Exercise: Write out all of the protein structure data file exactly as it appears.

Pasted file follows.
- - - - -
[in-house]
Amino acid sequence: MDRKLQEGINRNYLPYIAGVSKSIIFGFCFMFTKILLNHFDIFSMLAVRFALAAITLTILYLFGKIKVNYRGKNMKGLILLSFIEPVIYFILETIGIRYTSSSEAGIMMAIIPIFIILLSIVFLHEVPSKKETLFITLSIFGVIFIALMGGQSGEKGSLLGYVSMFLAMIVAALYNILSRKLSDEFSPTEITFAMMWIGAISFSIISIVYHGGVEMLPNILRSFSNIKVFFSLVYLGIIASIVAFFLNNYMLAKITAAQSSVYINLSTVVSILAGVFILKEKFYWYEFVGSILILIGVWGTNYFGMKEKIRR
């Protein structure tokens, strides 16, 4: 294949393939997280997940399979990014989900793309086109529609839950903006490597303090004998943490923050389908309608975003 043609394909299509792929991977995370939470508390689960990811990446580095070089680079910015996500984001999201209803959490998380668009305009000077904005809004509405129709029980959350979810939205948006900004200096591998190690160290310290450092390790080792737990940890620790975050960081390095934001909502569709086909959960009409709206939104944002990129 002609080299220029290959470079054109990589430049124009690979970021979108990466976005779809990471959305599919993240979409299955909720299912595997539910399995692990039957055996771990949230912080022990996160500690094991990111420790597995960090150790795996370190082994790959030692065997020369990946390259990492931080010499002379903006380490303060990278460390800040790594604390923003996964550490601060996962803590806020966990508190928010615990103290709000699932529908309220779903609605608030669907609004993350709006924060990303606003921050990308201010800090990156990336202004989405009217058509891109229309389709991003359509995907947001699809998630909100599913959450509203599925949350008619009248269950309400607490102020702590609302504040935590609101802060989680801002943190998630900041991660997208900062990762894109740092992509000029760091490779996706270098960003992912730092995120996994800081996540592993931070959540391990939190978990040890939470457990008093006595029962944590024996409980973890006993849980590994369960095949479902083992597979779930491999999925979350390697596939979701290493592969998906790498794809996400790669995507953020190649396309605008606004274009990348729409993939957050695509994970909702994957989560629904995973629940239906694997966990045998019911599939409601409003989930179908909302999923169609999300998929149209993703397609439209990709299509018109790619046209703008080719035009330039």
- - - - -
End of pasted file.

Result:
[in-house]
Amino acid sequence: MDRKLQEGINRNYLPYIAGVSKSIIFGFCFMFTKILLNHFDIFSMLAVRFALAAITLTILYLFGKIKVNYRGKNMKGLILLSFIEPVIYFILETIGIRYTSSSEAGIMMAIIPIFIILLSIVFLHEVPSKKETLFITLSIFGVIFIALMGGQSGEKGSLLGYVSMFLAMIVAALYNILSRKLSDEFSPTEITFAMMWIGAISFSIISIVYHGGVEMLPNILRSFSNIKVFFSLVYLGIIASIVAFFLNNYMLAKITAAQSSVYINLSTVVSILAGVFILKEKFYWYEFVGSILILIGVWGTNYFGMKEKIRR
């Protein structure tokens, strides 16, 4: 294949393939997280997940399979990014989900793309086109529609839950903006490597303090004998943490923050389908309608975003 043609394909299509792929991977995370939470508390689960990811990446580095070089680079910015996500984001999201209803959490998380668009305009000077904005809004509405129709029980959350979810939205948006900004200096591998190690160290310290450092390790080792737990940890620790975050960081390095934001909502569709086909959960009409709206939104944002990129 002609080299220029290959470079054109990589430049124009690979970021979108990466976005779809990471959305599919993240979409299955909720299912595997539910399995692990039957055996771990949230912080022990996160500690094991990111420790597995960090150790795996370190082994790959030692065997020369990946390259990492931080010499002379903006380490303060990278460390800040790594604390923003996964550490601060996962803590806020966990508190928010615990103290709000699932529908309220779903609605608030669907609004993350709006924060990303606003921050990308201010800090990156990336202004989405009217058509891109229309389709991003359509995907947001699809998630909100599913959450509203599925949350008619009248269950309400607490102020702590609302504040935590609101802060989680801002943190998630900041991660997208900062990762894109740092992509000029760091490779996706270098960003992912730092995120996994800081996540592993931070959540391990939190978990040890939470457990008093006595029962944590024996409980973890006993849980590994369960095949479902083992597979779930491999999925979350390697596939979701290493592969998906790498794809996400790669995507953020190649396309605008606004274009990348729409993939957050695509994970909702994957989560629904995973629940239906694997966990045998019911599939409601409003989930179908909302999923169609999300998929149209993703397609439209990709299509018109790619046209703008080719035009330039």